By Vivienne Raper, PhD
An early-stage company is using machine learning to design bespoke nonviral delivery methods for future gene therapies. Nanite, set up two years ago, plans to use machine learning to design polymers tailored to gene therapies. The company hopes the polymers can replace viral vectors, as a simpler-to-manufacture way of delivering gene therapies into cells.
“There are many reasons to get away from viral vectors and one is manufacturing considerations,” explains Shashi Murthy, PhD, co-founder and CTO at Nanite. “Viral vectors, by their very nature, are produced in cells and have to be made in bioreactors and, therefore, all the considerations around, for example, manufacturing scaleup, come into play.”
Murthy, who spoke at the BioProcess International Conference in September, hopes that, by using polymers, the company can achieve effective delivery as well as simplifying the biomanufacturing process.
As he explains, the polymers are negatively charged and can be combined with a positive- charged gene therapy with a chemical mixing process.
“They’re designed to self-assemble around their nucleic acid payloads,” he says, “which is very simple compared to a viral vector manufacturing process.”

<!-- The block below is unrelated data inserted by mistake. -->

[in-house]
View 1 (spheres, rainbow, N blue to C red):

Machine learning is essential
According to Murthy, the Nanite process is also simple compared to the manufacturing of lipid nanoparticles, the nonviral delivery method commonly used for mRNA vaccines.
“The state of the art usually involves a two-phase mixing apparatus that combines the payload as well as elements of the lipid nanoparticle,” he says. “And that’s a rather complex mixing process.”
Machine learning is essential to designing the polymers, Murthy emphasizes, because they must be tailored to the specific gene therapy.
“There’s a tight interplay between the payload and in vivo mechanism of action, and the delivery vehicle needed to bring [the therapy] to that location,” he says. “You can’t have one without the other, so they have to be integrated at an early stage.”
The company hopes to use machine learning to explore the polymer design space, giving them a starting point to design a polymer. Subsequently, as the gene therapy moves from the preclinical to clinical stage, they can use artificial intelligence to tweak the polymer to make the therapy work better.
“Ideally, you should end up making delivery vehicles that were completely unanticipated by human intuition,” he says. “And, as you progress through the development pathway, we fully envisage the delivery vehicles being refined or modified considerably, with computational insight into design playing a role.”
Nanite, which was founded by a group of entrepreneurs, is already working with foundations and patient advocacy groups and beginning to build business with pharmaceutical and biotech companies.